Last August, construction started on the Jeanne Gang-designed, Chinese-funded downtown skyscraper Wanda Vista, which will be the third-tallest building in Chicago when it is completed. The building has been heavily promoted by Mayor Rahm Emanuel’s administration, but for some, it has become a symbol for the divisive effects of globalization on local economies once reliant on now-outsourced jobs, from manufacturing and engineering, to tech support and reading x-rays.
Sam Wilson is seventy-three years old, tall and gregarious with an infectious elfin laugh. Whenever he shows up to volunteer at the Canaan M.B.C. Food Ministry in Englewood, where we work, he announces with a challenging grin, “The real man is here.” Everyone laughs.
Sam came to Chicago as part of the second Great Migration, arriving in 1960, an eager young man of seventeen from Senatobia, Mississippi. Work was easy to find back then, and he quickly landed a job as a janitor for FS Tiger, a Jewish family-owned clothing manufacturer. FS Tiger was one of many similar Chicago companies that made high quality clothing for local and national markets. Everyone needed clothing, so the work was good.
Young Sam was a good worker. “I see so much more you can do, Sam,” FS Tiger’s foreman Mr. Wagner told him—and so he was well-paid, mentored, and regularly promoted. The family came to rely on his skillful ability to cut mounds of expensive fabric with exacting detail, and often sought his guidance on how best to conduct important parts of their business. When the company was struggling, Sam saw a way to turn fabric waste into revenue by selling scraps to a cap manufacturer across the street. And so a small ecosystem flourished.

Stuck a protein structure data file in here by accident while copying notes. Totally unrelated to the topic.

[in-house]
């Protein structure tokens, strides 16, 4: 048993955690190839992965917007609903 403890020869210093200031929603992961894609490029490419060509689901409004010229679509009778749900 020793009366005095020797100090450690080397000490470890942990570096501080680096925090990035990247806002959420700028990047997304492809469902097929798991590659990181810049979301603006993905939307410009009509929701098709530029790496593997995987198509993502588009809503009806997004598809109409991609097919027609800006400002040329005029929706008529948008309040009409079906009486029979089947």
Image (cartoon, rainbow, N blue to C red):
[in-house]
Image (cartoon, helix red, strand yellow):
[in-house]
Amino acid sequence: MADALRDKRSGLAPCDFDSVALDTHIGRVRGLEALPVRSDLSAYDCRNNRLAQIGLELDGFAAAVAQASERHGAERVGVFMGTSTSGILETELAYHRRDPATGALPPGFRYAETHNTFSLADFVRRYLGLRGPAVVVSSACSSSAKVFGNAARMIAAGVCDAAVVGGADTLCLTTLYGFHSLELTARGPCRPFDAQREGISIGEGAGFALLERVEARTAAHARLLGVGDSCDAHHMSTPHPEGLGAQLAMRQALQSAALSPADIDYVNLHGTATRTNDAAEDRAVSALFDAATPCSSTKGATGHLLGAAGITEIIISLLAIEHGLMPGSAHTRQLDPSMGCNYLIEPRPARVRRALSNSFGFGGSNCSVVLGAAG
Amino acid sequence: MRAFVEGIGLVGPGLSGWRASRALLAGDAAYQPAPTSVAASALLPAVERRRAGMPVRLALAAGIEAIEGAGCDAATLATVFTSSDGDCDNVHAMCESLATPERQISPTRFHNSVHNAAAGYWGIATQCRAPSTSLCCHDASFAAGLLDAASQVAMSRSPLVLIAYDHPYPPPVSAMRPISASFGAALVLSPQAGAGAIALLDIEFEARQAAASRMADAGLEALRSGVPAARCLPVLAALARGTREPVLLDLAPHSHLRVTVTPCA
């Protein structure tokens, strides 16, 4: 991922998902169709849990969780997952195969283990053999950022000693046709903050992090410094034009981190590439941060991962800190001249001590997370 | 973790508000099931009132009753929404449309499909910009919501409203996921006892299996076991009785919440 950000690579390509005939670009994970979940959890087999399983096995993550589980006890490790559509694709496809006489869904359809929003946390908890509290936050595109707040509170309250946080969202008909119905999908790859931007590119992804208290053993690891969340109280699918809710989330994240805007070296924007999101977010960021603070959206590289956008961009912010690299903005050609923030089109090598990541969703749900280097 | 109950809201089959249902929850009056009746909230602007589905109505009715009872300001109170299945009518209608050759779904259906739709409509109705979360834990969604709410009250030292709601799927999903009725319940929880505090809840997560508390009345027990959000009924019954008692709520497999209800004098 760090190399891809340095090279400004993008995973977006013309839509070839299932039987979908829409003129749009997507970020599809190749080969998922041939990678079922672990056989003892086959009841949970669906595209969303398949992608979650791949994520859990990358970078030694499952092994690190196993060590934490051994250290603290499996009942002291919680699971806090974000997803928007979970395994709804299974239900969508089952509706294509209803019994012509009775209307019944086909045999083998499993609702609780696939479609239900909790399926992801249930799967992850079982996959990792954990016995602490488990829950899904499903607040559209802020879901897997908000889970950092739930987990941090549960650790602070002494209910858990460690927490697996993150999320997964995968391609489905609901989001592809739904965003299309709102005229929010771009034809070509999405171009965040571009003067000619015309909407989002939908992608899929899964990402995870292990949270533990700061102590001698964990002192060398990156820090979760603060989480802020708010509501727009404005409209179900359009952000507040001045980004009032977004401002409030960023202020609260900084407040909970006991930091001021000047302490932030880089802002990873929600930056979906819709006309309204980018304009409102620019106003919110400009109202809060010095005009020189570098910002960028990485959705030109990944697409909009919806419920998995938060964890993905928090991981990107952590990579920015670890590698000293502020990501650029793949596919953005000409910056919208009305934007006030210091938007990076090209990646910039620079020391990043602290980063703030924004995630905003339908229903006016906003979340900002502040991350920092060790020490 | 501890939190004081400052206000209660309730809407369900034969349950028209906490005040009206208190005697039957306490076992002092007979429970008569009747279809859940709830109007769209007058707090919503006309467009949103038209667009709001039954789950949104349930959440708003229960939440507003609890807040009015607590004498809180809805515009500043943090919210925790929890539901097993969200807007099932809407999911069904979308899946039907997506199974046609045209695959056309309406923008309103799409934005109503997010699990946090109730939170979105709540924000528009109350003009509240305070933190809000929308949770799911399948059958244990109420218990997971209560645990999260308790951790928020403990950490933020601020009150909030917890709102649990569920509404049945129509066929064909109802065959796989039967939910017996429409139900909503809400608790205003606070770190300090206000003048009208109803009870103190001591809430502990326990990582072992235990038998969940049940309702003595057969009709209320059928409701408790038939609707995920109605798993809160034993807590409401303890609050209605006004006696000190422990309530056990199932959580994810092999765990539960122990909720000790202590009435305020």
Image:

It wasn’t long before other clothing manufacturers in the Chicago area heard about Sam—the industry was, after all, a sort of family of families. Jack Goodman, the owner of Joyce Sportswear in Gary, Indiana, recruited Sam, offering him a down payment on a house and a moving van to help him relocate. Sam took the job but decided to stay in Chicago, driving to Gary every day for eight years. When Sam’s first child was born the company gave him a baby shower—“Me, a man!,” he says laughing with the memory. “It took me a week to bring all that stuff home.”
Sam loves to tell stories of these early years in Chicago. He is proud of what he did, and deeply fond of the people who gave him the opportunity to make a life here, a long way from home. In fact, he says, one of his Jewish employers wanted to adopt him when he came to Chicago—they had no son. Sam went home to Senatobia and talked it over with his mother. “Well…I could live with it,” she said, “but tell your father and he’s gonna kill you.”